Metallic hydrogen is present in tremendous amounts in the gravitationally compressed interiors of Jupiter, Saturn, and some of the newly discovered extrasolar planets. Because previous predictions of the nature of those interiors had taken for granted metallization at a higher pressure than the one at which we now know it to happen, those predictions must be adjusted. The new data indicate that much more metallic hydrogen exists inside Jupiter than thought, that it comes closer to the surface, and therefore that Jupiter's tremendous magnetic field, the strongest of any planet in the solar system, is, in turn, produced closer to the surface.
Metal detector
Metal detectors use electromagnetic induction to detect metal.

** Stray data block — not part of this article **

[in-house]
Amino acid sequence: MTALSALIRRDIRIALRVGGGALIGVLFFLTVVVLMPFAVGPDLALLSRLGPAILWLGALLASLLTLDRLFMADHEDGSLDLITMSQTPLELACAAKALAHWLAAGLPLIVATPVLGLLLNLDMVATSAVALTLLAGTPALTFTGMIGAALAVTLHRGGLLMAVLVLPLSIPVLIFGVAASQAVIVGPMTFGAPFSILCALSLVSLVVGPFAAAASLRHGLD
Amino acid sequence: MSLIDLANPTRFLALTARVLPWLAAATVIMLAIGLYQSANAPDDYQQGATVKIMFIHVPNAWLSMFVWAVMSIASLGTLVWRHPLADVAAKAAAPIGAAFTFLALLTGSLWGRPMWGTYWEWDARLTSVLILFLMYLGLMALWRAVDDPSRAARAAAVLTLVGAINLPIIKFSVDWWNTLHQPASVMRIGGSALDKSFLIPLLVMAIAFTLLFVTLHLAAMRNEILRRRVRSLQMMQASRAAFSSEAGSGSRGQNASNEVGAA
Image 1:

In 1881, Alexander Graham Bell constructed a crude metal detector in an attempt to find an assassin's bullet in President James Garfield. Gerhard Fischar patented a portable version in 1931.
Upright "archway" detectors are used at entrances to secured buildings, such as courthouses or airports, to detect metallic weapons which may be brought in. Small portable "wand" detectors are used by security staff to frisk persons for the same. Larger portable metal detectors are used by treasure hunters to locate metallic items, such as jewelry or coins, buried shallowly underground.
There are three types of metal detectors: beat frequency oscillator, induction balance, and pulse induction.